Developing the north should not be dependent on the President’s will
Posted Tuesday, February 5 2013 at 02:00
It is expected that as the Fountain of Honour in whom authority is vested, the President; very cautiously, intelligibly, respectfully and from an informed point of view, selects so aptly what to say while addressing people.
The 1995 Constitution (Article 98(1)) bestows the title, ‘Fountain of Honour’ on the President. Article 99(1) adds, “The Executive authority of Uganda is vested in the President and shall be exercised in accordance with this Constitution and the laws of Uganda.”
It is expected that as the Fountain of Honour in whom authority is vested, the President; very cautiously, intelligibly, respectfully and from an informed point of view, selects so aptly what to say while addressing people. Astoundingly, recently, as usual blaming his failures on others, speaking at the wedding of the Deputy Speaker of Parliament, Mr Jacob Oulanyah, he said: “I have always wanted to do something for that area (the northern region where Oulanyah comes from), but we were disturbed by Kony and bad leaders.”
It is a short sentence but speaks volumes. In summary, it blames rather than acknowledges responsibility for failure; it is discriminatory and carries notions of the intent to deliberately subject a people to social injustice, etc.
Well, the claim that development in the north was partly hampered by the civil war might have some truth, but there is more to that. Development is a right and so like the rest of the country, folks in the north are entitled to it.
The Right to Development was first proposed by a Senegalese jurist, Keba M’baye, in 1972. In 1981 it received legal recognition in the African Charter on Human and Peoples’ Rights. And in 1986 when NRM captured power, the United Nations General Assembly adopted the Declaration on the Right to Development. Right to Development clearly holds that the primary duty-holder is the State (Article 2(3) and 3).
Important to mention is that there is a complex relationship between rights, because a denial, abuse or violation of one leads to the violation/abuse of another. For example, gagging the Right to Development in all its forms, impacts on other rights such as the economic, social and cultural rights; right to education, right to housing, food, right to adequate standard of living, and the right to health.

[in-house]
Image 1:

A cursory look at the performance of the north in all the areas mentioned tells how the denial of the Right to Development has had far-reaching consequences to the population. Developing the northern region should not be dependent on the President’s will. It is not a luxury. It isn’t a favour. It shouldn’t be perceived as an act of benevolence. No. It is a right to which all Ugandans are entitled regardless of tribe, clan, ethnicity, party affiliation, place of birth, etc.
Additionally, despite having seen a severe dissipation of their livelihood asset base during war, the men and women from that region, from scratches, strenuously work and pay all the forms of taxes without exemption or complaint. They do this in the spirit of building their Nation. Now if, they fulfill their obligation to give Caesar his due, don’t you think they also have a right to claim what is due to them?
It is well known that peace and development go together. You cannot count on having one without the other. Therefore, denying the region the opportunity to develop means denying it peace. Peace doesn’t mean the silence of the guns. In fact, the continued images of structural violence (poor education results, high maternal mortality, child malnutrition, heightened suicidal acts, and returning abductees without hope about their future) are a big threat to the community.
By the way, are the powers that be aware or concerned that 300 members of the Pubec clan are still held up at the former Internally Displaced People’s camp in Mucwini in Kitgum District? Are those people happy? Do they have peace? Does anyone know what their next move might be?
Former UN Secretary General Kofi Annan observes that “roughly half of all the countries that emerge from war lapse back into violence within five years”. The question is: Is it easy or possible to manipulate these people and mobilise them for chaos? Yes. Do we need war? No. I challenge Parliament to have as a core concern the debate about the plight of these people when it resumes in this week.
Mr Asiimwe formerly taught Organisational Studies at Makerere University.